Ecological economists have emphasized the study of commodification (i.e., the development of market-based exchange and valuation) rather than decommodification processes (i.e., the degree of immunization from market dependency). This is surprising given the fact that large-scale decommodification may be our best option for a post-growth transition so dear to many ecological economists. Based on Heinsohn and Steiger's theory of ownership, we seek to provide an institutional foundation to processes of (de)commodification. These two authors distinguish between ‘property’ and ‘possession’, two bundles of rights generating different logics and consequences. We illustrate this approach with three cases taken from an advanced capitalist economy, Switzerland, showing how commodification and decommodification processes may appear together or vigorously oppose each other. Cooperatives, forests and municipal land are examples of (partial) decommodified assets that follow a logic of possession and are therefore more likely to be sustainable. It is high time that the study of decommodification becomes central to ecological economics.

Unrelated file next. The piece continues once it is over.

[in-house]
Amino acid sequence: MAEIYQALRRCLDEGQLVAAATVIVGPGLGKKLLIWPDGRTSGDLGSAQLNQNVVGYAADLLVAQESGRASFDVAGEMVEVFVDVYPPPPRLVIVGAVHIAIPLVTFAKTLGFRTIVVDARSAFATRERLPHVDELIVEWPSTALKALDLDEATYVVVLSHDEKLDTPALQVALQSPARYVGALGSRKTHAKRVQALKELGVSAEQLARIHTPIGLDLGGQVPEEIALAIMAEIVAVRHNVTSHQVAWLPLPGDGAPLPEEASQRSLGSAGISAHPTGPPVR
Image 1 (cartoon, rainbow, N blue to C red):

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Ecological Economics
Erasmus University Rotterdam

GERBER, J.-D. (Jean-David), & GERBER, J.-F. (Julien-François). (2017). Decommodification as a foundation for ecological economics. Ecological Economics (Vol. 131, pp. 551–556). doi:10.1016/j.ecolecon.2016.08.030